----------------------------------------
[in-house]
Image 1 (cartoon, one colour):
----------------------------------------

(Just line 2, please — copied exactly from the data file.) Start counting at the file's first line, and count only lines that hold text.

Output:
Image 1 (cartoon, one colour):